I now leave the reader with a poem of mine about what it’s like to feel alone.


The world is an airport
of hearts that have taken flight
on invisible journeys
made alone
over countless runways.

To meet, even in the same room,
hearts sometimes travel
prairies, glaciers, tundras and jungles,
living, when injured,
on cocktails and peanuts along the way.

Wounds are dressed (sometimes in formal wear)
and black ink
stitched in healing whispers
across the pale white skin
of love letters…

until tonight,
when the phone is silent,
windows sweat messages
in trickles of rain,
and outside
         umbrellas open,
            like wings.


About John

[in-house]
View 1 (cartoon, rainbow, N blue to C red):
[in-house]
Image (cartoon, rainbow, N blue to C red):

About John John Bolinger was born and raised in Northwest Indiana, where he attended Ball State University and Purdue University, receiving his BS and MA from those schools. Then he taught English and French for thirty-five years at Morton High School in Hammond, Indiana before moving to Colorado, where he resided for ten years before moving to Florida. Besides COME SEPTEMBER, Journey of a High School Teacher, John's other books are ALL MY LAZY RIVERS, an Indiana Childhood, and COME ON, FLUFFY, THIS AIN'T NO BALLET, a Novel on Coming of Age, all available on as paperbacks and Kindle books. Alternately funny and touching, COME SEPTEMBER, conveys the story of every high school teacher’s struggle to enlighten both himself and his pupils, encountering along the way, battles with colleagues, administrators, and parents through a parade of characters that include a freshman boy for whom the faculty code name is “Spawn of Satan,” to a senior girl whose water breaks during a pop-quiz over THE LAST OF THE MOHICANS. Through social change and the relentless march of technology, the human element remains constant in the book’s personal, entertaining, and sympathetic portraits of faculty, students, parents, and others. The audience for this book will certainly include school teachers everywhere, teenagers, parents of teens, as well as anyone who appreciates that blend of humor and pathos with which the world of public education is drenched. The drive of the story is the narrator's struggle to become the best teacher he can be. The book is filled with advice for young teachers based upon experience of the writer, advice that will never be found in college methods classes. Another of John's recent books is Mum's the Word: Secrets of a Family. It is the story of his alcoholic father and the family's efforts to deal with or hide the fact. Though a serious treatment of the horrors of alcoholism, the book also entertains in its descriptions of the father during his best times and the humor of the family's attempts to create a façade for the outside world. All John's books are available as paperbacks and Kindle readers on Amazon, and also as paperbacks at Barnes & Noble. John's sixth book is, Growing Old in America: Notes from a Codger was released on June 15, 2014. John’s most recent book is a novel titled Resisting Gravity, A Ghost Story, published the summer of 2018 View all posts by John →